The Harrison Road Landfill accepted municipal solid waste from 1972 until it closed in 1997. Data indicates soil vapor contaminated with volatile organic compounds (VOCs), specifically tetrachloroethene (PCE), migrated from the waste to the groundwater table and caused groundwater contamination of PCE at levels above regulatory standards. The City operated a deep soil vapor extraction (SVE) system to remove the source of the groundwater contamination, and a groundwater pump and treat system to control and clean up the PCE contaminated groundwater. In addition, a landfill gas flare system was constructed to control the migration of methane and VOCs from the waste. The site is regulated under the Arizona Department Environmental Quality (ADEQ) Solid Waste Unit. The groundwater pump and treat system was shut-down in December 2015 as VOC concentrations have been below regulatory standards since 2013.
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January, April, July, & October
The City conducts quarterly landfill gas monitoring at perimeter probes during these months every year to monitor for methane migration at the property boundary.
May & November
The City monitors the groundwater quality semiannually at site wells and a downgradient private production well. Monitoring reports are prepared documenting the results.
April & October
The City conducts closed landfill site inspections during these months. A report documenting site conditions will be prepared after the inspections.
The groundwater pump and treat system was shut down as VOC concentrations have been below regulatory standards since 2013. The groundwater is monitored quarterly at select wells. Should concentrations rebound, the system will be turned back on.
The Arizona Department of Environmental Quality (ADEQ) provides approval to turning-off the groundwater treatment system. The remediation system has successfully cleaned-up the groundwater for tetrachloroethene (PCE) and trichloroethene (TCE) to concentrations below regulatory standards. The city will develop a work plan prior to shutting down the system for continued monitoring of the groundwater. Should concentrations in the groundwater rebound, the system can be turned back on.
The city installed the new downgradient groundwater well HLM-550 along Wingate Road. The well is monitored quarterly and all VOC results are below the AWQS.
An existing groundwater monitoring well was converted to an extraction well to better contain the plume.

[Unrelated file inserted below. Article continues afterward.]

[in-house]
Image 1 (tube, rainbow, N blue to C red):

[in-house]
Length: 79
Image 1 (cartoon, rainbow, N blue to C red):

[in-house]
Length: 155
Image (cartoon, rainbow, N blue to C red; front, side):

Groundwater pump and treat system began operation. The sytem is designed to remove and treat groundwater impacted with volatile organic compounds (VOCs), primarily tetrachloroethene (PCE) and trichloroethene (TCE). The treatment system consists of two 4,500 pound granular activited carbon (GAC) vessels. The treated water is re-injected into the groundwater.
1999-2002 & 2005-2006
Operation of the deep SVE and air injection system (AI) began in order to remove and treat VOCs from the deep soil vapor. The system removed and treated 18,034 pounds of VOCs. This system is currently not operating, but the City monitors the vapor wells periodically and will return the system to operation if needed.
The City acquired land rights and installed groundwater extraction wells, monitoring wells, injection wells, infrastructure and piping for the groundwater extraction and treatment system.
ADEQ Solid Waste Unit approved the use of an SVE system to remove the source of the contamination, and a groundwater extraction and treatment system to contain and clean up the PCE plume.
A landfill gas extraction and flare system was installed and is still in operation today. From 1995-1998 a temporary emergency flare was in operation.
The City closed the landfill according to Federal and State regulations. Closure included construction of the landfill cover for the landfill, including a graded earthen cap and landscaping to prevent erosion. This date marks the beginning of the 30-year post-closure monitoring and management period.
The City stopped accepting waste at the Harrison Landfill.
Groundwater investigation completed to characterize the aquifer properties and extent of the contamination.
The City installed shallow landfill gas monitor probes to monitor methane concentrations between the landfill and nearby homes and businesses and began routine monitoring.
Groundwater contamination of PCE was first discovered in monitoring wells that were not used to provide drinking water supply. Additional groundwater monitoring wells were installed to characterize the extent and migration rate of the contamination. The City commissioned studies to determine the best method of groundwater remediation.